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A turn-based strategy fantasy title that is easy to get the hang of but still quite complex? Many developers in the past have tried to accomplish this and only a few have succeeded. The Leryx Longsoft studio from Poland is one of them and their unique strategy game from 1998 continues to stand the test of time.

Now, after over 20 years, GOG.COM brings back Clash, a unique fantasy strategy game, from obscurity. Check out why we want to remind you about this DRM-free classic.



Generals and dragons
The mix of strategy games with a fantasy setting has a long history behind it. Not surprisingly – many of the first game developers were hardcore J.R.R. Tolkien and Dungeon and Dragons fans. Games like King’s Bounty, Warlords, and Heroes of Might and Magic were hugely popular in the 90s. Gamers loved them for the opportunity to command armies containing fantastic beasts like dragons or vampires. At the same time, all those titles contained RPG style features, like treasure hunting.

Turn-based strategy games at that time had one huge advantage over then-popular RTS games like Warcraft. Thanks to the Hot Seat option anyone could invite their friends over for a multiplayer duel. Playing those games together became a tradition for many gamers, and was something players could have fun in groups even before the days of LAN parties. And then, out of the blue, one developing studio from Wrocław, Poland, decided to take this game genre one step further.



A clash of ideas
Before turning into the direction of turn-based strategies, Leryx Longsoft studio (founded in 1993) had one considerable project behind it – the platform game Lew Leon. The title enjoyed considerable success in Poland, so the ambitions of the young development team grew even higher. In 1996, they announced that they were working on a new game. The head developer and score composer, Adam Skorupa (alias Scorpik) described the title as one that combines elements from Warlords, Heroes of Might and Magic and… Civilization 2.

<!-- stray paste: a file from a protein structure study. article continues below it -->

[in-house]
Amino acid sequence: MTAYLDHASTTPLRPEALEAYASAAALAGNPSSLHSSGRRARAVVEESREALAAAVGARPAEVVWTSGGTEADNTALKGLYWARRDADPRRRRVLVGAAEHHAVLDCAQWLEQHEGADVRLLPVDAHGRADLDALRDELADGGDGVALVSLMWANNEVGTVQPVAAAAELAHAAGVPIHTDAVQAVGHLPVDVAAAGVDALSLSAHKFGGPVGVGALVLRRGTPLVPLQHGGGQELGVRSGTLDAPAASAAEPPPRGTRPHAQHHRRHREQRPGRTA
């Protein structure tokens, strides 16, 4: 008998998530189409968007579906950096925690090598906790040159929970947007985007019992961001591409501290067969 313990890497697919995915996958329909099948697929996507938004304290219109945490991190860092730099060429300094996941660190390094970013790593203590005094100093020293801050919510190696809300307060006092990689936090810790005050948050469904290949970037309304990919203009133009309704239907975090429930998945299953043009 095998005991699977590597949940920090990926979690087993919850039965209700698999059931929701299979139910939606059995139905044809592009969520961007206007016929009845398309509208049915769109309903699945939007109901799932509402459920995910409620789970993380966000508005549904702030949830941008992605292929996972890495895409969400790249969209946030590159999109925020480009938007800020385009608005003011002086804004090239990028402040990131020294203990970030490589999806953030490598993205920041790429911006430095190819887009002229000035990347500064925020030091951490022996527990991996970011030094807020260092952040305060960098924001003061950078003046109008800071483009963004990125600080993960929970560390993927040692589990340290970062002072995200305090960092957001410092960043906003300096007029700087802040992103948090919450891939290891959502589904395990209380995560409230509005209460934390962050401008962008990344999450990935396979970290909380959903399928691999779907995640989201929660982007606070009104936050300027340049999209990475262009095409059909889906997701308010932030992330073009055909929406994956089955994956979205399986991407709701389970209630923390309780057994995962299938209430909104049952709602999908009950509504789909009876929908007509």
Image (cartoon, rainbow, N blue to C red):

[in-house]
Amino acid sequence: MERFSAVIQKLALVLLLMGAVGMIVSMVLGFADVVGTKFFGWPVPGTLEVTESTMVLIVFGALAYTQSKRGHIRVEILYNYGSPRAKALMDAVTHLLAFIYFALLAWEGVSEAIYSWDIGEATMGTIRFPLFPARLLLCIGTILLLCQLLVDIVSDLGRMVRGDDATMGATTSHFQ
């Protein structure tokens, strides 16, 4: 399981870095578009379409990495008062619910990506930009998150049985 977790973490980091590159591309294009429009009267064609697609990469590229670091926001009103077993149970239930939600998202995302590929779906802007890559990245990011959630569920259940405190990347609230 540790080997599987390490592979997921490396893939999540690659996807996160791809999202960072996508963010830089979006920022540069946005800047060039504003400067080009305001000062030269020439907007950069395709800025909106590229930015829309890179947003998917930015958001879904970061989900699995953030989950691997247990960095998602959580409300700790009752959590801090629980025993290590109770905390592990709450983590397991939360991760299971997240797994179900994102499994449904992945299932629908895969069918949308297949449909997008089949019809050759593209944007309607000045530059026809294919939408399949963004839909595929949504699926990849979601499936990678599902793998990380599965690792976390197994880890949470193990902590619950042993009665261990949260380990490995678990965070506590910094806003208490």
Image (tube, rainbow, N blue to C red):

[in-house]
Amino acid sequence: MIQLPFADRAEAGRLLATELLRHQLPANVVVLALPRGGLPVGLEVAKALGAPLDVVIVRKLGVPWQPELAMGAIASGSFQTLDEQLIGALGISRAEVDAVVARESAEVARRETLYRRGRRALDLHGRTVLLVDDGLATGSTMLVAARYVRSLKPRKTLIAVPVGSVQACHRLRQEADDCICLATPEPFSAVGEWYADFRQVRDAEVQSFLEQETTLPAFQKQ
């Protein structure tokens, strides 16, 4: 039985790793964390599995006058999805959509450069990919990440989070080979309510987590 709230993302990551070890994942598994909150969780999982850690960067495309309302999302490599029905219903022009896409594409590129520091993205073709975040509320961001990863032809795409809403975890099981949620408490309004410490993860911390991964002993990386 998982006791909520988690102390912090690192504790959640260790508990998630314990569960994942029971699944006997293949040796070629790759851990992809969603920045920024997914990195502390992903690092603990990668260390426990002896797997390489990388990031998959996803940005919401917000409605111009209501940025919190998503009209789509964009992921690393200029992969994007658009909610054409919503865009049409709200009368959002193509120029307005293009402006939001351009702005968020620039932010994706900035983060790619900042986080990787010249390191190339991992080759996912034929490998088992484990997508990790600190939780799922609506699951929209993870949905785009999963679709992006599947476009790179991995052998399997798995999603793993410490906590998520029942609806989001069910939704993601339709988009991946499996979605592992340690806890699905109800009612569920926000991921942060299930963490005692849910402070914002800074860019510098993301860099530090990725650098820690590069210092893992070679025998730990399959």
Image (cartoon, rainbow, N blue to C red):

In Clash, the gamer would be able to not only expand cities and recruit knights and fantastic monsters but tackle advanced diplomacy options and even create their own future dynasties, as well. Moreover, the military and battle options in Clash were far more advanced than what could be found in the then-considered almost perfect title – Heroes of Might and Magic II. Developing such a mixture of ideas wasn’t easy. Even today one of its creators, Jerzy Poprawa (alias Mac Abra) remembers the process of working on Clash as being “a bit fatiguing.”. But then he concludes: After 25 years, I still remember it with lots of sentiment, because it was, at least in terms of the script and game mechanics, my child.



Game ahead of its time
Released in 1998, Clash was welcomed warmly by game critics. They praised the beautiful, almost fairytale-like graphics and interesting game mechanics. Adding diplomacy and royal dynasty creation added a new flavor to the strategy-based fantasy games and the fans of more complex battle strategies found something interesting with the game, as well.

Why is it forgotten now? Probably because in those times games from Poland didn’t stand much of a chance against big studios from Western Europe or the USA, mainly due to advertising budgets. Luckily for us, times have changed and now we can enjoy Clash game on GOG.COM. So maybe it’s time for good old-fashioned Hot Seat game with friends?